USCIS has traditionally taken a long time to process the I-751 petitions to remove the conditions on a marriage-based green card — we typically tell clients it will take around a year if everything goes as expected. However, in this current presidential administration, almost everything immigration-related is taking longer, and this includes I-751 processing. When a person files the I-751 petition, USCIS issues a receipt notice, which the petitioner can use to work and travel for up to one year. When processing times go beyond that time period, however, the petitioner must go to USCIS to have their passport stamped with a temporary I-551 stamp, so that they can continue to work and travel while the petition is in process with USCIS. It is increasingly difficult to obtain an InfoPass appointment to have this stamping done, and is inconvenient, of course, for petitioners.
To address this problem, USCIS announced in June that they are extending the validity of the I-751, Petition to Remove Conditions on Permanent Resident Status, receipt notices. The I-797s (receipt notices) used to extend the applicant’s work and travel authorization for one year (12 months) while the petition was pending with USCIS. In light of recent processing times increasing heavily over the past year, USCIS has now extended the validity of the receipt notices for 18 months.
Applicants who filed a I-751 petition after June 11 will automatically receive the new receipt notices valid for 18 months. For eligible conditional permanent residents whose I-751 petitions are still pending as of June 11, USCIS will issue the new extended receipt notices, so keep an eye on your mailbox.
What does this mean for you?
- The extended validity of the I-797s now means you have more time before you need to worry about the receipt notice (and your work & travel authorization) expiring and when to orchestrate an InfoPass appointment to get the I-551 stamp in your passport to continue your work and travel authorization while the petition pends. That’s great news, especially if the nearest USCIS field office is hours away and you end up not needing a temporary stamp due to the extended validity period of the receipt!
- While you now have more time for work and travel authorization, the bad news is the processing your petition will take much longer than previously anticipated. Anyone who hates waiting knows that will be tough. The good news is that if you want to file for US citizenship in the future based on marriage to a US citizen, your time as a conditional resident counts towards the 3 year requirement before you can file for naturalization. In many instances, our clients chose to actually file for naturalization even while the I-751 is still pending. The I-751 must still be adjudicated before the N-400 is processed, but usually filing the N-400 triggers the (faster) adjudication of the I-751.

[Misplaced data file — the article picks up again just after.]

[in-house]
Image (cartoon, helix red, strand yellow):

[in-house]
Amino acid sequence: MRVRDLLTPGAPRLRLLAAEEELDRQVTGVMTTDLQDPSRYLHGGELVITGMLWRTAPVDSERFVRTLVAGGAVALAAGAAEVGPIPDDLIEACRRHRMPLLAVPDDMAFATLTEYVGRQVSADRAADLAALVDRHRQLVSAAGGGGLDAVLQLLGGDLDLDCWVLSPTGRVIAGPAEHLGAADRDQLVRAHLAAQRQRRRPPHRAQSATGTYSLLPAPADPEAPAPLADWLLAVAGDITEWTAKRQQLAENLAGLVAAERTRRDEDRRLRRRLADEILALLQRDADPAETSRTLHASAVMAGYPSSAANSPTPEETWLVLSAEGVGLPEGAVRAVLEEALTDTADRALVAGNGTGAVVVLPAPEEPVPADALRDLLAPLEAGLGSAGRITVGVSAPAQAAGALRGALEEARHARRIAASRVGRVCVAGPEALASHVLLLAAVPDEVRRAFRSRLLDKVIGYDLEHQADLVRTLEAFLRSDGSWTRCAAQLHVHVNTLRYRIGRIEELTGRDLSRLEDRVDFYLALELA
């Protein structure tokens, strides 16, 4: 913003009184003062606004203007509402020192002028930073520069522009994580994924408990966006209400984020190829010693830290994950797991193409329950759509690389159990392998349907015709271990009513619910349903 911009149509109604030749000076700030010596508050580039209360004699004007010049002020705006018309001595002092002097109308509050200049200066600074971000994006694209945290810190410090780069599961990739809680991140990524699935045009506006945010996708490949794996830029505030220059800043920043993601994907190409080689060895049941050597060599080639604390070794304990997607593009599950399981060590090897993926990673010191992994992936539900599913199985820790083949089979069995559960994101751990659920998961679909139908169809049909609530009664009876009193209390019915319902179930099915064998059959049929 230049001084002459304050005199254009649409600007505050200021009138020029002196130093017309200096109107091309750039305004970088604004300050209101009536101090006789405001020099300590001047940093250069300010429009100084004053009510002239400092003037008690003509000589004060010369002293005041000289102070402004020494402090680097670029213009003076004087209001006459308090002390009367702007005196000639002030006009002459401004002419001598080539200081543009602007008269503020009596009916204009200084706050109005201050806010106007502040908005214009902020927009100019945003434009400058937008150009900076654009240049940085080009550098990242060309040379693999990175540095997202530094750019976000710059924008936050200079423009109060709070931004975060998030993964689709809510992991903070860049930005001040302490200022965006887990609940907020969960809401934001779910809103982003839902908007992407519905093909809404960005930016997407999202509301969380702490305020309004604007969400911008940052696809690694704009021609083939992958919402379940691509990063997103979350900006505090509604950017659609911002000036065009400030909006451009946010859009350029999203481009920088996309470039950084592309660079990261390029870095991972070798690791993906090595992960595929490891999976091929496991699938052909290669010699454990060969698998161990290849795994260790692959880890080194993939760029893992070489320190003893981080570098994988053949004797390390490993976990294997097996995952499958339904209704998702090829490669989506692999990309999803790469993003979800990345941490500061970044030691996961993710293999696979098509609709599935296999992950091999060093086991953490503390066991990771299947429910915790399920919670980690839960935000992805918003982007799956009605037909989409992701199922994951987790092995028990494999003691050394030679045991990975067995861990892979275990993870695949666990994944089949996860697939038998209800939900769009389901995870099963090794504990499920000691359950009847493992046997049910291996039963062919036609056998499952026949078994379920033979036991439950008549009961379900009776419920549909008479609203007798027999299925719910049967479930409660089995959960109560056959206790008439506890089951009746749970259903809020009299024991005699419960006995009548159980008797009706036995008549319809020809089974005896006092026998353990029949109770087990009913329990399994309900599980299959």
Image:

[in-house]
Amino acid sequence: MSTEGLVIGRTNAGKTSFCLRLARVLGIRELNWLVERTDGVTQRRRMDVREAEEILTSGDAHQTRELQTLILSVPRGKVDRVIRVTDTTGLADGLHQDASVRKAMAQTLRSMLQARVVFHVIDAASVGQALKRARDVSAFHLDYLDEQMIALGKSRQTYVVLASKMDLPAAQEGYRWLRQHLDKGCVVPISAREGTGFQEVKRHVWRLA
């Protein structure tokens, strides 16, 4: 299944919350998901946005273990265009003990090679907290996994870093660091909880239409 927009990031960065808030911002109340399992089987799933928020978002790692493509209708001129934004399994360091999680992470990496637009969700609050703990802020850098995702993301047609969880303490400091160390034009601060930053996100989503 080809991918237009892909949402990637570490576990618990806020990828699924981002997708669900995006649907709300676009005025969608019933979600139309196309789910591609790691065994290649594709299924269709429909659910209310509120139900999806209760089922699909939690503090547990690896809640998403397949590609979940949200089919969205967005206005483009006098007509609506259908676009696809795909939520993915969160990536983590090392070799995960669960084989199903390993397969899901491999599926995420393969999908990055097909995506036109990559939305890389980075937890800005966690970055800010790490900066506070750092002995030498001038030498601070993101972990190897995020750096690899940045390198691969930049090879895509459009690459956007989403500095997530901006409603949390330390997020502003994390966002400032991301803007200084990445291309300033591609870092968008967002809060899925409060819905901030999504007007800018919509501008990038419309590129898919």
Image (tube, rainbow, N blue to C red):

Also keep in mind that USCIS is currently taking longer to issue the I-751 receipt notices than they have before. This can present a challenge if you need it to work or travel after your green card has expired. Keep in mind that in most (but not all) cases you must file the I-751 within the 90 day window before your conditional residence expires. However, in light of this increased processing time just for receipt notices, it would be wise to file the petition as soon as you can (within the applicable timeframes) to reduce the chance of your not receiving it before your green card expires.
We know it’s hard waiting for the government to process your petition and make a decision as soon as they can, but the newly extended I-751 receipt notices are a step in the right direction and save you the hassle of setting up an InfoPass appointment to continue your work and travel authorization after only 12 months. We appreciate that USCIS recognizes their processing times have increased and they’ve taken the step to ensure your ability to work, make a living, and travel are not interrupted so soon.
Do you need assistance with an I-751 filing or other family-based or employment-based immigration matter? Please contact our office at firstname.lastname@example.org, or at 804-396-3412. Please note that we are not able to answer questions via email, but we would be happy to communicate via email to set a time for a paid consultation if we are able to assist with your particular type of case. We look forward to hearing from you!